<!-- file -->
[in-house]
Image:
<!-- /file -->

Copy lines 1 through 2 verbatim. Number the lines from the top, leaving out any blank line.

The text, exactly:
[in-house]
Image: